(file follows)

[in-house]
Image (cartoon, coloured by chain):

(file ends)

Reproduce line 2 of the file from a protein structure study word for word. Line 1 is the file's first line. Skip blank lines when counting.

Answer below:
Image (cartoon, coloured by chain):